SINO Testing Services| 2019-12-12|Return
With the rapid development of China's economic construction and the increasing scale of industrial production, explosion-proof issues have become more important. Explosion proof electrical products with diverse functions and varieties are widely used in various industries such as petroleum, chemical, and coal. Whether explosion-proof electrical appliances can operate stably and safely in various hazardous and explosive environments during use requires strict explosion-proof testing before leaving the factory. Shenzhen Zhongnuo Testing Technology Co., Ltd. has rich experience in product design and testing in the field of explosion-proof. The following is an interpretation of the latest EU explosion-proof ATEX certification directive 2014/34/EU and related issues.
Explosion proof directive ATEX 2014/34/EU
(Old Directive 94/9/EC)
ATEX originates from the French word "ATmosphereEXlosible". On March 23, 1994, the European Commission adopted the Directive "Equipment and Protection Systems for Potential Explosive Environments" (94/9/EC). This directive has been in use since 1996 and was mandatory since July 1, 2003.
This directive covers both mine and non mine equipment, and unlike previous directives, it includes mechanical and electrical equipment, extending the potential explosion hazard environment to dust and flammable gases, flammable vapors, and mist in the air. This instruction is commonly referred to as the "new method" instruction of ATEX 100A, which is the current ATEX explosion-proof instruction.
Manufacturers of equipment intended for use in potentially explosive environments can sell their explosion-proof equipment anywhere in Europe by applying the ATEX directive terms and attaching the CE mark, without considering other requirements.
There are three prerequisites for applying this command:
1. The equipment must have its own ignition source;
2. Expected to be used in potentially explosive environments (air mixtures);
3. Under normal atmospheric conditions.
This directive also applies to components necessary for safe use, as well as safety devices that directly benefit the safe use of equipment within the scope of application. These devices can operate in potentially explosive environments.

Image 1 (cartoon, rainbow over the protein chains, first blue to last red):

The ATEX 94/9/EC directive categorizes equipment into three categories based on the level of protection provided by the installed equipment:
Category 1- very high level of protection
Category 2- High level of protection
Category 3- Normal level of protection
If the device is used for zones 0, 1, or 2, the category number is followed by the letter G (gas, vapor/mist):
Zone 0, Zone 1, Zone 2
1G devices 2G devices 3G devices
If the device is used in zones 20, 21, or 22, the category number is followed by the letter D (dust):
Zone 20, Zone 21, Zone 22
1D Class Equipment 2D Class Equipment 3D Class Equipment
Zone 0: A place where explosive gas environments occur continuously or for a long time, and hazardous environments exist for more than 1000 hours per year.
Zone 1: Zone 1 is a place where explosive gas environments may occur during normal operation, and hazardous environments exist for a period of 10-1000 hours per year.
Zone 2: Zone 2 is a place where explosive gas environments are unlikely to occur during normal operation. If they do occur occasionally and only exist for a short period of time, the hazardous environment exists for less than 10 hours per year
(2) ATEX Directive 1999/92/EC
ATEX 1999/92/EC, in parallel with ATEX 94/9/EC, is a minimum requirement for improving the health and safety protection of workers in potentially explosive environments (also known as ATEX 137). It sets out the minimum requirements for improving the health and safety protection of workers in potentially explosive environments.
This means that based on the assessment of the hazards involved, employers bear a significant amount of responsibility: